I just think instead of banning hugging they should have decided not to deal with hugging at all, the school being in no position to decide good hugs from bad without some kind of complaint.

  5. They can deal with the complaints. They have no business punishing innocent kids because of a couple of potential bad apples.

  6. Exactly, they should keep their undoubtedly nanny state noses out of other peoples business.

  7. I misunderstood what you said. I presume if a couple of kids are hugging so they can simultaneously fingerbang, the school may have an interest in stopping that.

  8. Why? I hardly see how it is their business. Sounds like the parents problem to me. I was under the impression that schools existed to teach things like math and macaroni art, not instruct kids how to live every minute of their lives.

    Better to have them in the school and getting to class rather than leaving school entirely to do what they are going to do anyway.

  9. Schools are also there to help teach good social interaction skills. While some PDA (such as hugging) is deemed acceptable just about anywhere one goes, it is less acceptable to outright have sex in public.

  10. I agree, but we already have laws against certain behaviors, I don’t see a need for schools to also regulate them further than the law does. What is acceptable on a public sidewalk should be equally acceptable in a public school.

  11. I don’t agree that schools are there to teach good social interaction skills. Social interaction is there to teach good social interaction skills.

  12. Kids are not adults. Their behavior has to be moderated from a different perspective. And beside that, I’m fairly sure it would be deemed public indecency to fingerbang in public.

  13. I’m sure it would be considered so. As you say, kids are not adults, and their behavior needs to be moderated, but by their parents and peers, not by bureaucrats do-gooding from on high. Particularly when they often seem completely incapable of any moderation themselves, as in this case.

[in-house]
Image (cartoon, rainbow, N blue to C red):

14. I don’t expect teachers and administrators to be parents, but they are charged with the care of children during school hours. That includes making sure they are not acting in a way which the majority of parents would deem unacceptable.

  15. I think it’s a great rule, too. It fosters a healthy disrespect for authority.

  16. If there was a ‘like’ button here, lurker would get a ‘like’ right now.

    Michael, if a majority of the parents wanted them to be finger banging, the school should encourage that?

  17. I don’t see it as healthy, but if there exists some bizarre school district which encourages that, and provided it somehow does not interrupt the education of the children, I’m not going to step in and make them do otherwise.

  18. It’s always going to be a problem. If they have the ability to make rules like this, the majority will be completely devoid of legitimate function. We have a legislature to legislate, I continue not to see a point to schools providing more restrictive rules than the law provides outside the schools doors.

  19. Are you saying the majority will be illegitimate if they are willing to redefine what is publicly (and scholastically) acceptable?

    Bar the restriction of rights, that sounds like the exact function of the majority to me.

  20. I thought generally you were against strict majority rule like this?